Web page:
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Sunstar In Action

Sunstar Special Operations Supervisor is there when disaster strikes

September 25, 2017

EMS organizations need to be prepared for when disasters strike. But it’s even more important for them to be well-coordinated with other agencies and have set plans, resources and personnel in place.

That’s why Sunstar Paramedics created a new supervisory position, which focuses on the planning and response for small-scale events like concerts, triathlons and civil disturbances and large-scale events such as mass casualty incidents, natural or man-made disasters and EMS/fire rehab for dangerous life or health environments.

Stephen Glatstein was selected as Special Operations Supervisor at Sunstar Paramedics. He’s held several positions that have prepared him for the role, including field paramedic, communications supervisor, EMS operations supervisor, and director of emergency communications.

Since his promotion to Special Operations Supervisor, Glatstein has played an integral role in disaster preparedness and response for both Sunstar Paramedics and Pinellas County EMS & Fire. One such project is the ambulance bus project, which joined Sunstar’s fleet of specialty emergency response vehicles in late January 2016. The fleet includes a mass casualty unit, two rehab units, a special rescue Kubota utility vehicle, and two special operations trailers. To learn more, click here.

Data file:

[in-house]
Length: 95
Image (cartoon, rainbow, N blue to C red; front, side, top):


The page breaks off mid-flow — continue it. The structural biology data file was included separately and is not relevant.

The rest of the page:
Sunstar was the first EMS agency in Florida to place not just one, but three ambulance buses in service. These ambulance buses, along with a well-trained special operations team of two paramedics, two EMTs and a supervisor, provide disaster response capabilities to the Tampa Bay area, which includes Pinellas, Pasco, Manatee, Hillsborough and Polk counties.

Sunstar is one of only two agencies in Florida to implement ambulance buses into their disaster preparedness plan and have the vehicles response ready 24 hours a day. Sunstar places the buses in locations that are accessible to north, south and mid-Pinellas County, and this strategic positioning allows an ambulance bus to be deployed within 10-15 minutes after being requested. It can respond both non-emergency and emergency incidents, evacuations, sheltering and support of rehab operations for large-scale incidents.

In addition to the ambulance bus project, Glatstein is responsible for training the special operations team on the use of specialized vehicles and equipment. He also teaches part of the new employee orientation to ensure employees are prepared for any type situation from incident command, EMS and fire rehab, and mass casualty incident response, like aircraft incidents or accidents, active shooters or terrorist attacks.

Thanks to Glatstein’s tireless work, the whole special operations team and their emergency vehicles are ready for response to any type of emergency that Pinellas County or its surrounding counties may encounter at any time.